Looking bad to future employers

By Morgan Miller
September 18, 2008

After that first sip of alcohol, college students everywhere whip out that camera and transform to paparazzi.

Everywhere you look there are smiles, obscenities and flashing lights.

In the moment, a camera seems like the perfect way to capture the fun essence of the party. In reality, once those pictures are posted on that famous social Web site Facebook, your future could be in jeopardy.

Facebook is primarily used to keep in touch with friends miles away and post pictures to remember the good times. The w\Web site appears casual and fun, causing students to post pictures of underage drinking and wild poses.

Companies are beginning to do informal background checks of individuals being considered for employment. Before the company invests in an individual, it has to be known that he/she will not jeopardize their reputation.

The easiest way to see how a person presents themselves in public settings is to turn to Web sites, such as Facebook.

So, now that it is known that a website you thought was for only your accepted friends is actually a public display, what should you do?

There are easy ways to avoid letting your Facebook page hurt you during job hunts.

Avoiding social situations where there are ‘inappropriate happenings’ occurring is not always an option. Everyone has got to have some fun!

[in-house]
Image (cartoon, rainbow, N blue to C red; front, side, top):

Avoiding that one friend that always has a camera is not an option either. For starters it is pretty hard to avoid people, especially the assertive paparazzi type. But more importantly, those pictures will serve as a happy reminder to your glorious college years.

Instead, it’s important to clean up your Facebook page.

Start by checking the wording on the sections about yourself. Make sure everything typed in is something a boss would approve of.

Next, I feel most importantly, take a look at every single Facebook picture. This seems time consuming but it will pay off.

The pictures of you chugging from the vodka bottle while giving the middle finger? Delete. The picture of you and your best friend doing beer bongs together while a random guy does a gesture behind you? Delete.

Pictures of your family and ones where there isn’t underage drinking or obscene behaviors are definitely okay to keep.

Just because you untag yourself from a picture, removing it from your actual Facebook page, does not change the fact that the picture is still out there on the Internet.

Next time, when you are at a party having a good time, do not let the camera scare you off. Instead, be smart and avoid posing for pictures that could cause all your hard work at Cabrini to be a waste.

Morgan Miller

Scroll to Top
Share via
Copy link
Powered by Social Snap